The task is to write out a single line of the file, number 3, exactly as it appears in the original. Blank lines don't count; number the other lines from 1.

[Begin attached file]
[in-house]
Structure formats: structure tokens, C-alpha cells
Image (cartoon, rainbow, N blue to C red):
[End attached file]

Image (cartoon, rainbow, N blue to C red):